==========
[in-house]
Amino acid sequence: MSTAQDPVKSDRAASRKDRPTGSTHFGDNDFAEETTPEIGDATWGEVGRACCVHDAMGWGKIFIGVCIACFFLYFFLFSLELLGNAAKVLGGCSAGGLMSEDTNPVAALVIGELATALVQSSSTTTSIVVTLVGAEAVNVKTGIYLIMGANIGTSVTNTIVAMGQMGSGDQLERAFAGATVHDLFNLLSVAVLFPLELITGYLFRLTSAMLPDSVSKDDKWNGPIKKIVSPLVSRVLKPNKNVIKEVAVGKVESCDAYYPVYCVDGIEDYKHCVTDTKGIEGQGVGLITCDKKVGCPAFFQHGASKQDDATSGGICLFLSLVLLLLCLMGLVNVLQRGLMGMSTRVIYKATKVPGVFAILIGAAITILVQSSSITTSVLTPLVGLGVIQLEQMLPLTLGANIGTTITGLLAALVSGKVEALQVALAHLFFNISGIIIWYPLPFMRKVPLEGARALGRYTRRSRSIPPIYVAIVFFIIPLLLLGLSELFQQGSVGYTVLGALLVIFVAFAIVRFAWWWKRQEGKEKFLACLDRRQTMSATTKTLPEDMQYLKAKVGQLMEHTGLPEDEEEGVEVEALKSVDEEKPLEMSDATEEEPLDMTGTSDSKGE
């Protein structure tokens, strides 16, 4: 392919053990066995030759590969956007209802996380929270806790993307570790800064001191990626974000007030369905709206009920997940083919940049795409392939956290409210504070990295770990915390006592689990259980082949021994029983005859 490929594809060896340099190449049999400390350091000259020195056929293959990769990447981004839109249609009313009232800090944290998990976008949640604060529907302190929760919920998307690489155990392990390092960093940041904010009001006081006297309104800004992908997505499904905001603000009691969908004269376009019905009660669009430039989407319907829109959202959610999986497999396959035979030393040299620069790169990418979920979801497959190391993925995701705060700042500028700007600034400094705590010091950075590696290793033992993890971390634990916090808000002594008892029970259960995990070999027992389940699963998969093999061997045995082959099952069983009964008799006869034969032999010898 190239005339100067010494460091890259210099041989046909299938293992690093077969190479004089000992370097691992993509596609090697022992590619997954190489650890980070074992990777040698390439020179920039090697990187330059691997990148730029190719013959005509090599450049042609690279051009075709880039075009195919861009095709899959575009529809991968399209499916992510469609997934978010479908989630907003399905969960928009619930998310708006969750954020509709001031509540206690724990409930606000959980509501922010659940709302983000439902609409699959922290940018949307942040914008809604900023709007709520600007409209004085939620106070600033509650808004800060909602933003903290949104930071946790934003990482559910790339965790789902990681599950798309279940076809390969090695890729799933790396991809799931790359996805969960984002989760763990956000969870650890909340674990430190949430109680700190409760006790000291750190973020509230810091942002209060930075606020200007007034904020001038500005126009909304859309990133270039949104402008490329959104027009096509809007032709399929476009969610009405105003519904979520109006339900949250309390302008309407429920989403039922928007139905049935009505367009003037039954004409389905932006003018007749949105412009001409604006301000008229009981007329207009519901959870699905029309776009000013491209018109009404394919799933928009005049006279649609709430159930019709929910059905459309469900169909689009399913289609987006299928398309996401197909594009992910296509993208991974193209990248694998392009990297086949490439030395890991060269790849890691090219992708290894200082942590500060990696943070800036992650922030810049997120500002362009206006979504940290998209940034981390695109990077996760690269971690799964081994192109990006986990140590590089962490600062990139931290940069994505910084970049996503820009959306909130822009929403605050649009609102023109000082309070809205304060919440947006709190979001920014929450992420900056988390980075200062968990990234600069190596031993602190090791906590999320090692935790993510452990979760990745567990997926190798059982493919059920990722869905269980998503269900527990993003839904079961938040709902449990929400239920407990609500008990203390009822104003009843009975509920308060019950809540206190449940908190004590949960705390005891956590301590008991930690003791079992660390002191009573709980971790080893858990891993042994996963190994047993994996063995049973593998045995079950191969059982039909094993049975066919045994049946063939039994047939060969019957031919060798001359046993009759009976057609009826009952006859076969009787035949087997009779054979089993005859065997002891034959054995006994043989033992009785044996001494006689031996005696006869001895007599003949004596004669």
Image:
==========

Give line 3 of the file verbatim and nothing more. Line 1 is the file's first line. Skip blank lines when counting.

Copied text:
């Protein structure tokens, strides 16, 4: 392919053990066995030759590969956007209802996380929270806790993307570790800064001191990626974000007030369905709206009920997940083919940049795409392939956290409210504070990295770990915390006592689990259980082949021994029983005859 490929594809060896340099190449049999400390350091000259020195056929293959990769990447981004839109249609009313009232800090944290998990976008949640604060529907302190929760919920998307690489155990392990390092960093940041904010009001006081006297309104800004992908997505499904905001603000009691969908004269376009019905009660669009430039989407319907829109959202959610999986497999396959035979030393040299620069790169990418979920979801497959190391993925995701705060700042500028700007600034400094705590010091950075590696290793033992993890971390634990916090808000002594008892029970259960995990070999027992389940699963998969093999061997045995082959099952069983009964008799006869034969032999010898 190239005339100067010494460091890259210099041989046909299938293992690093077969190479004089000992370097691992993509596609090697022992590619997954190489650890980070074992990777040698390439020179920039090697990187330059691997990148730029190719013959005509090599450049042609690279051009075709880039075009195919861009095709899959575009529809991968399209499916992510469609997934978010479908989630907003399905969960928009619930998310708006969750954020509709001031509540206690724990409930606000959980509501922010659940709302983000439902609409699959922290940018949307942040914008809604900023709007709520600007409209004085939620106070600033509650808004800060909602933003903290949104930071946790934003990482559910790339965790789902990681599950798309279940076809390969090695890729799933790396991809799931790359996805969960984002989760763990956000969870650890909340674990430190949430109680700190409760006790000291750190973020509230810091942002209060930075606020200007007034904020001038500005126009909304859309990133270039949104402008490329959104027009096509809007032709399929476009969610009405105003519904979520109006339900949250309390302008309407429920989403039922928007139905049935009505367009003037039954004409389905932006003018007749949105412009001409604006301000008229009981007329207009519901959870699905029309776009000013491209018109009404394919799933928009005049006279649609709430159930019709929910059905459309469900169909689009399913289609987006299928398309996401197909594009992910296509993208991974193209990248694998392009990297086949490439030395890991060269790849890691090219992708290894200082942590500060990696943070800036992650922030810049997120500002362009206006979504940290998209940034981390695109990077996760690269971690799964081994192109990006986990140590590089962490600062990139931290940069994505910084970049996503820009959306909130822009929403605050649009609102023109000082309070809205304060919440947006709190979001920014929450992420900056988390980075200062968990990234600069190596031993602190090791906590999320090692935790993510452990979760990745567990997926190798059982493919059920990722869905269980998503269900527990993003839904079961938040709902449990929400239920407990609500008990203390009822104003009843009975509920308060019950809540206190449940908190004590949960705390005891956590301590008991930690003791079992660390002191009573709980971790080893858990891993042994996963190994047993994996063995049973593998045995079950191969059982039909094993049975066919045994049946063939039994047939060969019957031919060798001359046993009759009976057609009826009952006859076969009787035949087997009779054979089993005859065997002891034959054995006994043989033992009785044996001494006689031996005696006869001895007599003949004596004669």